That question can be especially difficult now for closely-held, usually family businesses that are often structured as S corporations. These entities, along with other pass-throughs such as limited liability companies and partnerships, flow their income through to their investors, who pay the tax.
Because of the tax rate cut to 21 percent for C corporations under the 2017 Tax Reform and Jobs Act, businesses are considering whether their present corporate structures make the most sense. The new tax law changes the effective tax rate for many companies—depending on industry, kind of structure, and location.
S corporation owners should now begin to model out how the new tax law will affect their businesses. The new law changes are significant enough for every business to take a look at what makes the most sense for them, and whether their business should convert to (or remain) a C corporation. Rothberg Logan & Warsco can help you with this review and analysis. Here are some things to question as the new tax law takes effect.
Determine the S Corporation Effective Tax Rate: How Much Income Qualifies for 20 Percent Deduction?
The new tax law provides a 20 percent deduction for pass-through entities, including S corporations. But the tax break phases out for service companies like medical practices and consulting firms beyond certain taxable income levels—$157,500 for individuals, $315,000 for joint filers. The deduction is also limited by how much the company pays in wages to employees.
Knowing how much income will be subject to the deduction is critical to determining whether it is advantageous to be an S corporation. If one just assumed that all S corporation shareholders would be subject to the maximum rates of tax and assume all their income is eligible for 20 percent deduction, it is fair to say it is advantageous to be operating as an S corporation.
But many companies will find that the deduction is more limited, either because not all their income is considered to be qualifying business income or because they do not pay enough in wages. Companies need to analyze their specific circumstances and compute what their effective tax rate will be.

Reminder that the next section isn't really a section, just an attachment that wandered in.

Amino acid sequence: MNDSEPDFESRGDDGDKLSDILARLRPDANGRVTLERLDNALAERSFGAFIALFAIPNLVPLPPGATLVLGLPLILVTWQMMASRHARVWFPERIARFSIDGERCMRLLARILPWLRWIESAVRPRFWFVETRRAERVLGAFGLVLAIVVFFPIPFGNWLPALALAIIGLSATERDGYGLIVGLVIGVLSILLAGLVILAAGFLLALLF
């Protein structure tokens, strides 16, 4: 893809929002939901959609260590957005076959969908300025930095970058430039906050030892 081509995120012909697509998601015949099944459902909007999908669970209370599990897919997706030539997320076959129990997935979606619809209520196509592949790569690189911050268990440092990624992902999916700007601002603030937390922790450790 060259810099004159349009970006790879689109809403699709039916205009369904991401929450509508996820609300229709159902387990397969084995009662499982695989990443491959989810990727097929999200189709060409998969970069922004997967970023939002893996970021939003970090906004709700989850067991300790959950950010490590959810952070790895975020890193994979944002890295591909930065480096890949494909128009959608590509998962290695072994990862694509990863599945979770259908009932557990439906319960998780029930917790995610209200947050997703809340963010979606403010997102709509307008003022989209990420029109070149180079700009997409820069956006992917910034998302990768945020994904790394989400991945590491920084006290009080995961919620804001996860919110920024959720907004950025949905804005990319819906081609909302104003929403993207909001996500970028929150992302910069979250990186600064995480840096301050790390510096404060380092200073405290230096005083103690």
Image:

Next: Compare C and S Corporation Rates
Once an S corporation knows what its effective tax rate likely will be, it should then compare it with the new effective tax rates for C corporations. Rothberg can help you with computing your effective tax rate and comparing that with the effective rates you would incur if your business operated as a C corporation. But the analysis does not end there.
Other Determining Factors
Companies also need to think about how much of their earnings they plan to distribute to their shareholders. While corporations will pay a 21 percent income tax rate—and pass-through owners will pay about 29.6 percent, depending on their tax bracket and the type of income—corporate distributions will still be taxed. The biggest determinant as to whether you should go to C status is how much of the profits you expect to distribute as dividends. If you are going to distribute all the profits as dividends as a C corporation, your tax rate is going to be higher than if you are a pass-through S corporation.
Also, owners considering moving to a corporate structure should be aware of the accumulated earnings tax, a 20 percent tax on companies holding on to too much cash, and the personal holding company tax, another 20 percent penalty on undistributed passive income earned in a closely-held C corporation.
Further, companies should also consider whether they expect losses in the future. If you stay a pass-through, those losses can flow through to the owners and offset other types of income.
Are there plans to sell or acquire another company? If there are any plans to sell the company in the near future, it makes sense to stay an S corporation because it is much easier to sell a company with a single layer of tax. Asset sales, as opposed to stock sales, are particularly attractive for S corporations looking to sell or to buy another company. Buying the assets allows the owners to depreciate the property, which is even more beneficial under the new tax law, which expands expensing provisions.
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